15th August 2022 – The Northumbrian Garden Parrot – Peter Brown

Peter Brown was a secondary school teacher. He stopped teaching in 2004.

As a child ‘I-Spy’ books introduced him to information about birds and then ‘The Observer Book of Birds’ extended his knowledge.  In 1959 his father, who was a policeman, was asked by a neighbour to deal with a ‘parrot’ that he had seen in his garden.  Peter went with him and was pleased to be able to identify the ‘parrot’ because the ‘Observer Book of Birds’ (Page 191) told him that it wasn’t a parrot but a Waxwing.

He became a keen birdwatcher and, using birthday money from his many relatives, bought some binoculars and, in his teenage years, went to the coast every weekend with his pals birdwatching.  In the bad winter of 1963/63 they brought home some oil-covered  guillemots and cleaned and fed them until they recovered.

By 1972 he had other interests, which curtailed his birdwatching.  He became interested in the music of Bob Dylan and others, and also in folk-dancing, and watching Newcastle United.  In the 6th form he got good A-levels and decided to apply to university but he wanted one which gave him access to Newcastle United’s away games, so he chose Sheffield, it having two teams and being fairly close to Derby, Leeds, Nottingham, Manchester etc.

Later he married and came to live in Millhouses and renewed his interest in birds in the park and nearby woods.  He found kingfishers, dippers, pied wagtails, long tailed tits, bullfinches and mistle thrushes breeding and, in the nearby lake at Abbeydale Hamlet, mandarins used to breed.  Sometimes rare birds turned up.

He began to contribute to different surveys:-   surveys of local bird populations, surveys of wetlands birds (Rother Valley) and of breeding birds of the Sheffield area. He also worked for the Bird Atlas.  All this work was voluntary.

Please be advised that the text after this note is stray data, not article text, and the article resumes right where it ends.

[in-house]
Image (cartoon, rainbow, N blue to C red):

Late in his teaching career he worked at Handsworth Grange school where he formed the Wildlife and Conservation Club.  This after-school club set about changing the large open areas of grass and playing fields into a greener woodland and wildflower area.  The club, assisted by several parents and colleagues, set about plantings trees on the fields where they didn’t encroach on the sports areas.  They had a target of 2,000  trees by Year 2000  but managed 3000 trees and also planted a 200 metre-long hedge.  The club won prizes which were used to buy binoculars etc.

Peter stopped teaching in 2004  but was soon head-hunted and was asked to work with junior school pupils. (He had never worked with this age range before and was nervous!) He already had binoculars and a mobile library so he introduced the pupils to birds and took them on trips.  He helped the classes to do research and  to open their own projects.  Each pupil had a notebook and he set them a homework project about bird watching and after 3 weeks the best notebooks won prizes.Then he was asked to work with nursery children.  He was terrified – but they loved him!

Peter’s daughter introduced him to ‘Munroe bagging’.  Munroes are Scottish mountains which are more than 3000 feet high.  Peter joined her and over many trips has managed to climb 50 of them. He has also been to the Andes, Ethiopa, Gibralter and Peru to study the different birds that live at these altitudes.   He has contributed articles to magazines and also published an autographical book entitled “The Northumbrian Garden Parrot”.

This was a very interesting, well-illustrated talk from Peter, who has spent a lifetime watching birds.